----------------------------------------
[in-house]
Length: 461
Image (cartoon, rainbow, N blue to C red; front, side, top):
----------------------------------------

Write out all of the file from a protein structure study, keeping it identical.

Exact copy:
[in-house]
Length: 461
Image (cartoon, rainbow, N blue to C red; front, side, top):